Prepare survey forms for residents and staff to evaluate candidates.
Review results of the 2000 management/leadership testing.
Have an organizational development consultant interview candidates.
To protect its options, the board publicly stated it would do an external search if not fully satisfied with at least one of the internal candidates.
Shortly thereafter, one of the three candidates withdrew for personal reasons. The board felt sufficiently positive about the two remaining candidates to continue with an in-depth assessment of each. To protect its options, the board publicly stated it would do an external search if not fully satisfied with at least one of the internal candidates.
In January 2005, all 18 board members met to select the CEO or, if necessary, begin an external search. Board policy required a two-third majority vote to select a new CEO. Before this meeting, each member was provided the same information about both candidates. No discussion of their comparative merits had occurred during or between meetings. At this meeting, a “straw vote” was taken; one candidate received more than the two-third majority. After everyone was given an opportunity to share the reason for his or her vote, an official vote was taken. The new CEO was selected unanimously.
Both candidates and I were notified immediately after the decision. Because an external search was not needed, the transition could occur quickly-within about six weeks. The transition was also shortened because during the previous two years, I delegated most operational responsibilities to others in senior management so I could be project manager for a major construction project completed in 2004.
The new CEO, who had been the COO, distributed many of his prior responsibilities to other staff, including the other CEO candidate. This delegation enhanced their leadership roles and supported career development. The result was that all members of the senior management team participating in the succession planning process remained at Evergreen for at least five years after the transition.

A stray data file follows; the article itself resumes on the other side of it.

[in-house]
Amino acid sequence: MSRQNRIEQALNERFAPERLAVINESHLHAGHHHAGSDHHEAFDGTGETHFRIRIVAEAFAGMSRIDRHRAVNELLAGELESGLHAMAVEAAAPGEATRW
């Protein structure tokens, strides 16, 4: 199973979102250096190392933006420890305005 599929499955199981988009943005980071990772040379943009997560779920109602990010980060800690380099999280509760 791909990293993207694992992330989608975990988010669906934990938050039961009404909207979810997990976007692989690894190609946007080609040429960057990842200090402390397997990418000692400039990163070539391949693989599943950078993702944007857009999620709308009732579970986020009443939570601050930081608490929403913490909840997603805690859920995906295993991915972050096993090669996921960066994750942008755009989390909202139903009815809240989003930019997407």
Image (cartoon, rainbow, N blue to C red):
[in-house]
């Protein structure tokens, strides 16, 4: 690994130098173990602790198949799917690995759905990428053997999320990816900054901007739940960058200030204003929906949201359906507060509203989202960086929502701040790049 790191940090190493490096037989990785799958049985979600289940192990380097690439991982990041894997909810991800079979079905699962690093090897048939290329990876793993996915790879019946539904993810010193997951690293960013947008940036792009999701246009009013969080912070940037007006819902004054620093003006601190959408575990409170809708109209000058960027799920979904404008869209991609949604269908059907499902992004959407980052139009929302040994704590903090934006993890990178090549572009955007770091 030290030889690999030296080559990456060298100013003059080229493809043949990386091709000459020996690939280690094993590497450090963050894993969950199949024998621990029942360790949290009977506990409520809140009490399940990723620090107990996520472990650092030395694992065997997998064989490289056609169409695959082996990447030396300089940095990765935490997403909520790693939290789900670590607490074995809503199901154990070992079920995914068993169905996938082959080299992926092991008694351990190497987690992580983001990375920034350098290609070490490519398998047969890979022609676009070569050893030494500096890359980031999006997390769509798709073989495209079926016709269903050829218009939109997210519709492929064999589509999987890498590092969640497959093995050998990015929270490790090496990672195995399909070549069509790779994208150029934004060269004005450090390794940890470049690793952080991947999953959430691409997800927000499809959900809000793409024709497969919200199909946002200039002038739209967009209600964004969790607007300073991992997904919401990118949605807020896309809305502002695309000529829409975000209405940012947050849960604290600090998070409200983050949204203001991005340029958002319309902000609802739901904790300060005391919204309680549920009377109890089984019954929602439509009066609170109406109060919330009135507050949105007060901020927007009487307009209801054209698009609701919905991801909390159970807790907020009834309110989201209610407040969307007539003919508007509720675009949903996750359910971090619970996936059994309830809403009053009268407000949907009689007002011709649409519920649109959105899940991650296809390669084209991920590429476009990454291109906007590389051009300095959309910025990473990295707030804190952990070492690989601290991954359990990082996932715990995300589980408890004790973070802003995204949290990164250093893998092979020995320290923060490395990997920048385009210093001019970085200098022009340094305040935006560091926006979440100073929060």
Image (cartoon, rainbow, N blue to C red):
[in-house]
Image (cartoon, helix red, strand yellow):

The result was that all members of the senior management team participating in the succession planning process remained at Evergreen for at least five years after the transition.
The succession planning process, initiated and carried out by the Evergreen Board with the support of the CEO and senior management, preserved a unique organizational culture that had evolved over almost three decades while building new organizational capacity for the future. LTL
David A. Green served as CEO of Evergreen Retirement Community, Oshkosh, Wisconsin, for 29 years prior to his retirement. Because of his relationship with the University of Wisconsin-Oshkosh (UWO) during those years, the volunteer position of Executive in Residence at the UWO’s Business Success Center was created for him. He also received an Honorary Doctorate from UWO in 2006. He is currently the Director of Conceptual Planning and Development for China Senior Care, Inc., which is developing skilled nursing facilities in China. For further information, phone (920) 235-2702 or e-mail
firstname.lastname@example.org. Long-Term Living 2011 February;60(2):42-44
Topics: Articles , Facility management , Leadership